PostgreSQL domains are utilized for validating the data stored in columns. This can be seen in fig. 3.4 where the username column is of the type roaster.username. This custom domain data type will ensure that not any forbidden characters are in the usernames and that their length is atleast 3 characters and below 255. Similarly there are several other domains defined, such as roaster.code, roaster.fullname and The definitions for these domains can be found in doc/postgresql/roaster-database-v0.0.2.sql[@sql-def-line6].

The same file also contains the whole definition of the SQL database used. This file is parsed by a program that can be found in cmd/inlinesql[@roasterd-cmd-inlinesql]. The program will copy each SQL statement into a Go slice (a type of array in Go) that can be used when the web server starts to bootstrap the database with the correct schema setup, this process is also known as forward engineering.

[sec:database-messages] The messages (errors and warnings for code submissions) are stored in separate tables using an UUID based on the content of the message as an identifier and primary key to prevent data duplication. Each message is then referenced by each submission result using a many-to-many relationship, e.g. between the warning table and roast table there is a table, roast_has_warnings that references each other. UUID is also supported as a data type in PostgreSQL[@pg-uuid] allowing for validating the UUID using their built-in constraints.

All user input from the API, except passwords, are validated against the database using its constraints instead of validating the data inside the web server’s route handlers or model. This ensures that the actual data model is defined in one place and not spread out through out the application.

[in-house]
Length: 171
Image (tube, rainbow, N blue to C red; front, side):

The documentation for the Roaster REST API can be found at:

The Roaster API is designed to adhere to the REST principles and at the same time be secure and support user sessions. A trade off has to be made for the requirement of being stateless in REST[@fielding-rest] where both the CSRF mitigation8 and user session requires some state that is kept on the server-side. All API endpoints follow CRUD9 where the HTTP methods are used to represent each part, in the case of the Roaster API the following rules has been decided:

  • Create - POST

  • Read - GET / HEAD

  • Update - PATCH / PUT

  • Delete - DELETE

The PUT method is used when a resource is overridden, such as when uploading a new profile picture. While the PATCH method is used when the request have the feature of replacing partial data, such as when updating partial user profile information. POST is used when a new resource should be created, such as a new code submission. The DELETE method is used for e.g. removing an user that you are following. The GET and HEAD method should never modify any data.

The Roaster API tries to use clean and logical URI components. The structure uses URI components as categories that are routed to sub-routers in the backend. An example is the /user route, which has several endpoints such as

  • /user/{username} - User profile information handling for {username},

  • /user/{username}/avatar - Change or retrieve profile picture for {username},

  • /user/{username}/followers - Retrieve a list of followers for {username}.

Where the /user sub-router dispatches different handlers depending on the last URI component (e.g. /avatar or /followers) together with the username as a parameter. In the case of /user/{username} the sub-router sees the last URI component as /.

The HTTP status codes are used to denote both different successful states and error states. The 200 - OK code is returned if the request was successful and there is data to return. While 204 - No Content is used when there is no data to return, e.g. after updating a profile picture or when the user has no followers. The status codes can be found in the REST API documentation mentioned above.